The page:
This is precisely the move the Samaritan makes. We get distracted by all the things he does, but the things he does to care for the stranger all begin when he looks at the other and sees himself. The story says literally that the Samaritan looked and had gut-wrenching compassion for the person. His stomach did flip-flops because he could vividly imagine in his own body the depths of his enemy’s pain and need.
When the Samaritan crosses the road to cradle the stranger in his arms and pours oil and wine on the wounds, he imitates the pouring of oil and wine by priests over the sacrifices in the Jerusalem temple. In other words, that moment when distinctions between self and other disappear is sacramental, a blooming of God’s grace in the midst of brokenness.
Parables are not an instruction manual. At the end, Jesus doesn’t underscore the lesson. Instead, he asks a question: “Which of these three, do you think, was a neighbor to the man who fell into the hands of robbers?” Still remembering what it felt like to be the half-dead person by the side of the road, the lawyer says, “The one doing mercy.” And Jesus responds, “Go and do the same.”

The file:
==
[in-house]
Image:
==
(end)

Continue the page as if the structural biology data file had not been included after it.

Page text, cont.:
I think we often search too quickly for the message at the end of the story, thinking that going and doing are the point. While the point is really at the beginning: in our ability to imagine ourselves as the person going down; and then in the middle: to allow that imagination to become visceral compassion ushering in a skillful, generous, and gracious response.
This is what God was doing in Jesus: putting Godself in our place, knowing our pain from the inside out, pouring out mercy and grace over our wounds. In Christ, God chooses to be neighbor to us, loving us as God’s own self.
I don’t know who would have been the most challenging neighbor for the man who tested Jesus that day. Was it Samaritans? Romans? Tax collectors? Whose pain was he terrified to identify with? Whose pain did his social group tell him not to identify with?
I am convinced that Christians, following the teachings of Jesus with courage and perseverance, have a saving role to play in our current national impasse. The ancient parable we heard this morning points toward a practice of identification with others that is a remedy for the intensity with which we have been distancing ourselves from one another, concerned to describe with absolute clarity how we are not that other thing we detest. My suggestion is that we who are doing okay stop focusing on each other altogether and start paying attention to who is really going down.
Who is my neighbor? Jesus says neighborliness is hidden in the one going down, the one whose story you most want to escape. Join that wounded stranger by the side of the road. Look up at the passersby through your swollen eye. Let God find the two of you there, in the place where love has dissolved the fence between self and neighbor. This place where you do not want to go is where boundless life begins. Thanks be to God.
The Rev. Dr. Jane Lancaster Patterson is a former associate professor of New Testament at Seminary of the Southwest, Austin, Texas.